The three guys in MOSFETT are sitting on a minivan seat under an overpass outside their jam space. It’s Sunday, the day that bassist Brendan Manning commutes by ferry from Victoria, BC and the group practices. Their session is over, so it’s time to drink beers and absorb some April sun.
MOSFETT was once a two-piece named Hemogoblin, formed around 2010 by guitarist Ian Kinakin and drummer Chase McKenzie. Their sole release, a tape called Roswell, initially came out under Napkin Records, and then again with the band’s own run under the MOSFETT moniker.
To some ears, Roswell is an addictive slab of doomy sludge-pop, including songs such as “Hand Sanitizer Cocktail,” “If you Leave Me I’ll Hurt Myself” and a crunchy take on the Friends theme — “Matthew Perry / Central Perk.”
But opinions differ.
“I think it sounds kind of shitty nowadays,” says McKenzie. “We did it ourselves and it took a really long time to make.”
And it was difficult to perform the songs live. Kinakin had to run his instrument through both a guitar and a bass amp, play extra low notes to fill out the sound, and mess around with loop pedals in order to layer multiple guitar parts.
“Often the loop would be off time, or it would just screw up,” says Kinakin, claiming early shows agitated him.
Around 2014, Nick Sabre joined as a bassist, easing live performance tensions. His addition allowed the group to change the style of their songs, freeing up Kinakin to shred sans loops.
Sabre couldn’t make it for the band’s first tour, though — a jaunt down the West Coast to L.A. — so Kinakin’s cousin Brendan Manning filled in. Soon Sabre dropped out for good, and Manning joined full-time. Though taking the ferry from Victoria can be a drag, he doesn’t plan to permanently join his bandmates on the Mainland any time soon.
“Vancouver is a great place to visit,” he notes dryly.
So with the band settled into their current lineup, MOSFETT started amassing new songs, many of which will appear on their self-titled debut LP due out mid-July. Recorded by MOSFETT and mixed and mastered by Jordan Koop at the Noise Floor, it will be released on Manning’s fledgling label Astro Supreme. Playing shows and touring together — last spring, they hit Alberta and the West Coast with pals Dead Soft — MOSFETT has put together plenty of new material, and changed their sound as well.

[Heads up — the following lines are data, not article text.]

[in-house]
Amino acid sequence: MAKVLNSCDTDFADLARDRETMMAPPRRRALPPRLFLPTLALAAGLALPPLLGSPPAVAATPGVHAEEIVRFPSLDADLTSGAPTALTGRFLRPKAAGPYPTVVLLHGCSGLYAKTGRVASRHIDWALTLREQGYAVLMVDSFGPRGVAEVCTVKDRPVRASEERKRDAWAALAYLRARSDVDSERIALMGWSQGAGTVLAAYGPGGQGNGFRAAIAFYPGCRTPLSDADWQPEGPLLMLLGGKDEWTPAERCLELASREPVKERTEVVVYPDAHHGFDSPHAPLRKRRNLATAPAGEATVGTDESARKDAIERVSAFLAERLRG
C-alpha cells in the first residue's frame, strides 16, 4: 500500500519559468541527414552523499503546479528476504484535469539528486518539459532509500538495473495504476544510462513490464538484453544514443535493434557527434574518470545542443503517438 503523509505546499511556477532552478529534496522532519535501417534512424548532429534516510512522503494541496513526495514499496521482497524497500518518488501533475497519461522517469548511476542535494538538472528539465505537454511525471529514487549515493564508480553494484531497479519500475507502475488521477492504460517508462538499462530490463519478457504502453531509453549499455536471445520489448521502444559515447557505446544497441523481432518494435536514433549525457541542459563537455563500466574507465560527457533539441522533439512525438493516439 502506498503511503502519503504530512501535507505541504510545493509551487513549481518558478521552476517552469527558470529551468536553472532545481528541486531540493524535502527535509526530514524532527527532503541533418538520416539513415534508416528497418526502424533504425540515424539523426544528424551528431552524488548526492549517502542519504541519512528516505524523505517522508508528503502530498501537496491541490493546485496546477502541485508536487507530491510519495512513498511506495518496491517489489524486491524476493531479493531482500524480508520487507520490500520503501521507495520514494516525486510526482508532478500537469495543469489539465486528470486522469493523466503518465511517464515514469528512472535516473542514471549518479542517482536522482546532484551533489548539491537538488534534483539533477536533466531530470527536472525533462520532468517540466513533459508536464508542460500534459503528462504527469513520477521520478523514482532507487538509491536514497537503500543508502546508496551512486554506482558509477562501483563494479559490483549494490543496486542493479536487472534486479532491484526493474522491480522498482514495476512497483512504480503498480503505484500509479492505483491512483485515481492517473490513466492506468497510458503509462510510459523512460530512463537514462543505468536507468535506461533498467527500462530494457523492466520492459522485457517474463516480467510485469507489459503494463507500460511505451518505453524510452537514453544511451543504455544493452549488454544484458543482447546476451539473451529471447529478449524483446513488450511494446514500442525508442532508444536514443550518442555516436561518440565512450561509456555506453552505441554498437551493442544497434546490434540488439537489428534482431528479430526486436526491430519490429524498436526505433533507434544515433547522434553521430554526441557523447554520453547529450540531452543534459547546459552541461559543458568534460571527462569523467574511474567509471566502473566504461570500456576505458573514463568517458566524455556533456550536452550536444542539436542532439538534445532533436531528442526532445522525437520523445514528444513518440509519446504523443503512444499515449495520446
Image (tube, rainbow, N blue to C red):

There is a “more bluesy influence in [our older] stuff,” says Kinakin. Now, “It’s a different band to me.” He likens MOSFETT’s current voice to a blend of “Sabbath and Pixies. Alternative, poppy songs but with a lot of heavier riffs.”
Because their new record took so long to tape — members of the band all have full-time day jobs, and McKenzie and Kinakin both play in another band, Doppelganger — the amount of new material MOSFETT is writing outpaces actual releases. By band members’ reckoning, they’ve got another one or two albums up their collective sleeves. The trouble is finding the time and resources to record them.
Part of that is a result of issues many independent bands in Vancouver face. Just finding a reliable place to practice and record can be difficult. East Van condo creep chased MOSFETT out of their previous jam space, Renegade. Located near Main and East 2 Ave, and home to 60 production and rehearsal studios, it fell victim to new neighbours.
“They were building these condos in the alleyway,” says Kinakin. “And then one day everyone moved in when they were done. And there was a sign on the door [of Renegade] that said ‘No jamming past 10 o’clock.’”
This was less than ideal for people juggling regular, adult lives with music-making. Due to work schedules, the band often wouldn’t be able to get together until 10pm, by which time the new neighbours were tucked snugly into bed.
“All these people move in, and then complain about the place they moved to,” says Manning. “It’s like, don’t move there if you don’t want to live next to a jam space.”
MOSFETT high-tailed it to Rock Space, near Clark and East 2 Ave. They were lucky to get a spot. Kinakin notes that he often sees requests and messages through Facebook from people desperate for a place to jam.
“Vancouver definitely gives you a hopeless vibe, but it isn’t truly hopeless yet,” says Kinakin. “Obviously the housing market makes things depressing, and the fact that a lot of venues get closed down for yuppie institutes.”
The working theory among members of MOSFETT is that all the Terminal City grimness translates into good music. You can taste a little of that angst in “Riker Logic,” an advance demo from the new record. Contrasting a sweet “woo-woo-woo” chorus with Ozzy-esque wails, and benefiting from a new bottom-end rumble, it’s a harbinger of things to come. And things to come will be loud.
That’s what their name stands for, after all. It’s an acronym: Metal Oxide Semiconductor Field-Effect Transistor. According to Kinakin — an electronics technician by trade — a MOSFET is a “discrete component that helps in the amplification process.” Meaning, it makes stuff louder.
And what does the extra T stand for?
MOFETT’s self-titled LP is due out mid-July on Astro Supreme. They play the Astoria on May 28 with Koban, Summering, Soft Haze, Milk and Cheap High, and will also be a part of Music Waste, which runs June 2 – 5.